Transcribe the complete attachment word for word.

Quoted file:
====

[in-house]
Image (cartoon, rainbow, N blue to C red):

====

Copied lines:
[in-house]
Image (cartoon, rainbow, N blue to C red):